Somewhere along the path of healing I asked myself, repeatedly, did I choose the wrong man to marry? What if the answer is that we all choose wrong. It’s impossible to expect I knew at 23 years old what my needs would be at 35 or 46 or 52. I chose my husband because he offered familiarity, a compliment to me. I chose him because I never felt love in the way he gave it to me. I needed him and he needed me back. For better or worse.

Is it ever possible to know if we married the right person?

Every time I begin to fall into the doubts that still linger in the shadows of my mind I remember that love does not mean perfection. Love is having hope that as we break we will recover. Love is having the courage to believe that heartbreak does not mean devastation. Loving is risky business but somehow it’s the most desirable dream we share.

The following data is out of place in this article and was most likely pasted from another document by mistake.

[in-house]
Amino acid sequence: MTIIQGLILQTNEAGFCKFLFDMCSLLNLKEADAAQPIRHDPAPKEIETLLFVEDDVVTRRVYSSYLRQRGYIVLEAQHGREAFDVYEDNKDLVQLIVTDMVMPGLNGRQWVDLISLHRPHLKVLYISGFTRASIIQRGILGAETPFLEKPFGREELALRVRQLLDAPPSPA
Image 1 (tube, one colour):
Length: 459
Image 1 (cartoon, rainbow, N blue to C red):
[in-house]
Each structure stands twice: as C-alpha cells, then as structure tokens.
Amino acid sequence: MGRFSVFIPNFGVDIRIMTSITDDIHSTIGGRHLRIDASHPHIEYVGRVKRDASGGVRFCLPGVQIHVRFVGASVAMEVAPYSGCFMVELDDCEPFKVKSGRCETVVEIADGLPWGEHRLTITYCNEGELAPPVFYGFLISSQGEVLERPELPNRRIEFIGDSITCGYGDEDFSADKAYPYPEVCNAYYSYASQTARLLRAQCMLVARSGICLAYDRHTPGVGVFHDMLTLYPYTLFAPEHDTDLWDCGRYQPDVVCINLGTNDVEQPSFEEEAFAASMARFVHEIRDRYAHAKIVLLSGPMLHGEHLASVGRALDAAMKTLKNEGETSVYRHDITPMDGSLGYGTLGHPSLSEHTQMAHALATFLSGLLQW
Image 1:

Sometimes I feel as if I am stuck in a Chinese finger trap – the more I pull, the more I am stuck in the same place. I just need to push, redefine the things I cherish, and move forward.

 

 

Surviving Infidelity

There are stories that hijack our lives. They freeze our thoughts and capture our minds, taking hold of our emotional and physical state. My husband’s affair hijacked my life. I chose my username on WordPress, thiswillnotdrefineus, thoughtfully because I rejected my husband’s actions. My disappointment was fueled by rejection, loss, and pain. I had to believe his affair could be cleaned up like spilled milk. I wished I could get to a point where I forgot the affair ever happened.

His affair has been over for three and a half years and I have not forgotten it. It’s not a gushing wound anymore but the affair redefined our marriage. It changed me, him, and us. How could it have not?